I just came across this post on the HRMorning website. The author points out that the upcoming changes to overtime regulations may result in many more employees having to clock in and out than before. He speculates that resentment over this might lead some to “take some liberties” with their time reporting, such as:
- Conducting personal business on company time;
- Arrriving late (or leaving early, for that matter) but recording it on their timesheet as “on time”;
- “Buddy punching” for another worker (in other words, clocking in or out on behalf of someone else who isn’t actually present at the time);
- Taking long lunches or breaks but neglecting to record the extra time away from work.
Thing is, if you employ overtime-eligible workers today, these are all issues you’ve possibly been dealing with for years. According to a 2009 Harris Interactive survey, up to 21% of workers admitted to “time theft” — most of them using exactly the same tactics outlined by the author of the HRMorning article! (And if that many admit to it, just imagine how many do it but won’t ‘fess up!)
You Don’t Have To Take This Lying Down
Whether you’ve been dealing with the problem of “time theft” for years or it’s something new you’re potentially facing due to the upcoming overtime rules changes, we’re here to help. For instance, Acroprint offers a number of biometric options that require your employees to be physically present in order to clock in or out. This effectively eliminates the problem of “buddy punching.” In addition, while it’s easy to record inaccurate arrival and departure times on handwritten timesheets or manual spreadsheets, that’s virtually impossible with an automated time recording system.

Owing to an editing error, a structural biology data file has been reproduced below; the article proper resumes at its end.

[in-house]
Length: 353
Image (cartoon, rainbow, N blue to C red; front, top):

If you’re worried that some employees might resent having to clock in and out, check out our FaceVerify system (part of the timeQplus product suite). We’ve used it here in our own offices, and I and can personally attest it’s incredibly fast and accurate, totally hands-free, and doesn’t require anything more than simply looking into the terminal for a second or two in order to record arrival and departure times. It’s so high-tech it doesn’t really feel like you’re “clocking in,” and it fits easily into even the most modern office setting.
And because the time-recording is automated and uses biometric verification, it will completely eliminate almost all of the issues raised by the author of the HRMorning article. 😉
Time Tracking Is Good For Business
Whether you have overtime-eligible employees now, or you anticipate having overtime-eligible employees after the overtime rules are updated, recording their work hours is not only a good idea, it’s the law. Under the Fair Labor Standards Act (FLSA) you are required to accurately record and maintain records of their work time.
But even if none of your employees are eligible for overtime, and you don’t anticipate any becoming eligible later in 2016, recording their work time is still a good idea, both for your business profitability and for your employees’ morale and work satisfaction. Even if all your employees are salaried, you can (and, I believe, should) still record their time and enjoy the benefits of accurate time tracking. Check out this article I wrote a while back, outlining all the benefits of time tracking for your business and your employees.
There’s no need for you to wait until the new overtime regulations come out to improve the accuracy of your employee time tracking. And if you’re not tracking employee time yet, why wait to improve your business productivity and profitability and increase your worker morale? Visit our online store to see all your options for automated time tracking. You’re sure to find something that’s ideal for your business.